Tae Kwon Do For Seniors [Short Guide]

Welcome friend! In this post, you will learn about Tae Kwon Do for seniors and how to get started if you are interested to learn more.

Tae Kwon Do is one of the more famous Asian martial arts alongside Karate. While not as mainstream as Karate, Tae Kwon Do still has a strong following in the US and around the world.

Martial arts and self-defense practices can be a great way to improve confidence and sense of security for seniors. They are also excellent exercise with benefits especially to balance and coordination as well as muscle strength and cardiovascular health.

That said, there are certain safety considerations for seniors and unfortunately, not everyone can participate in these activities. But if you are generally healthy and fit, Tae Kwon Do should be a reasonably safe hobby under the instruction of an experienced instructor.

Let’s start by talking a bit about what Tae Kwon Do actually is before looking at the benefits for seniors and how to get started with the sport.

What Is Tae Kwon Do

Tae Kwon Do is a self-defense practice that originates from Korea and it’s recognized as one of the oldest practices of martial arts in the world, reaching back over 2,000 years.

Tae Kwon Do literally means the art of kicking and punching. So, not surprisingly kicking and punching are the main methods of Tae Kwon Do, compared to for example Judo, where grappling is a central activity of the sport.

Tae Kwon Do emphasizes speed and agility and it’s characterized by high kicks, jumping and spinning kicks, and fast attack techniques. In Tae Kwon Do speed is emphasized because speed is more important than mass or size for generating power to strikes and kicks.

This of course means that Tae Kwon do is highly demanding physically, since fast high kicks require pretty extreme strength, mobility, and control.

There are several styles of Tae Kwon Do ranging from Traditional Tae Kwon Do to Extreme Tae Kwon Do.

There are ranks and belts in most Tae Kwon Do styles but they are standardized. Typically the belts are split into Junior and Senior categories. Junior belts being white to red or brown and senior different ranks of black belt.

The different styles of Tae Kwon Do also have different philosophical principles but these can typically be boiled down to the Five Commandments of Hwarang: Courtesy, integrity, perseverance, self-control, indomitable spirit.

Benefits Of Tae Kwon Do For Seniors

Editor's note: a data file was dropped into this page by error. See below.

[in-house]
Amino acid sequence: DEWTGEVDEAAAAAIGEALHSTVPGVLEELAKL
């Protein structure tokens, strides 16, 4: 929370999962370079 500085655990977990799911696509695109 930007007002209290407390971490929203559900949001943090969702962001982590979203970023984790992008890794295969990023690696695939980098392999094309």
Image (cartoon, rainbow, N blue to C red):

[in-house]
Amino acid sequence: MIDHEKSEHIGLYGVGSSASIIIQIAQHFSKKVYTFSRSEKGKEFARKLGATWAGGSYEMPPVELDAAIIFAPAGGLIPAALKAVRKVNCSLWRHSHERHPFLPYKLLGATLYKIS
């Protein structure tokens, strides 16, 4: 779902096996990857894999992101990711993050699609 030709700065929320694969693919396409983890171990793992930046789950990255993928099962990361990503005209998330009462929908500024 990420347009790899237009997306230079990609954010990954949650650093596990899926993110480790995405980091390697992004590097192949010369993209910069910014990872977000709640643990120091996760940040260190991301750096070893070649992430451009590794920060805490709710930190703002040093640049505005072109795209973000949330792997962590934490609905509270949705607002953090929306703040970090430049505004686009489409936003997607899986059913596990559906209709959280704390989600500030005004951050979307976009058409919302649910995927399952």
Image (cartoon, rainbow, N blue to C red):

Martial arts offer some great benefits for seniors. While most seniors probably shouldn’t get involved in active sparring and fighting, Tae Kwon Do can still offer great benefits for health and self-defense skills.

A big part of martial arts practices is learning to control your body and mind at all times. This offers both physical and mental benefits.

Bending, turning, kicking, punching, jumping, and just moving your body in space in all possible ways while learning to do it in a controlled and systematic way is perfect training for balance and coordination. Balance loss is one of the most common causes of injuries in the senior population, but you can do a lot to prevent this degradation. The most important thing is doing activities that challenge your balance, Tae Kwon Do is great for this.

In a typical beginners class, you will learn how to fall without injuring yourself, this is something that can be very beneficial for injury prevention for seniors.

Tae Kwon Do is also great for improving and maintaining mobility and strength since it involves a lot of kicks and strikes that require high mobility and strength. This is also one of the downsides of Tae Kwon Do for seniors. Most seniors are physically unable to perform many of the more demanding kicks.

That doesn’t mean that you can learn good self-defense skills with Tae Kwon Do, it just means the training has to be scaled based on your ability.

Learning any kind of self-defense has been shown to improve both confidence and a sense of safety. Just the fact that you have some tools and skills in a threatening situation can put your mind at ease.

Considerations For Seniors

As with all self-defense practices, there are risks involved with Tae Kwon Do. However, the benefits are often greater and much of the risk can be avoided with the proper training.